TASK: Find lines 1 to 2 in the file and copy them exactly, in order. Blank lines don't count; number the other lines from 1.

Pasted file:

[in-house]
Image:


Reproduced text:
[in-house]
Image: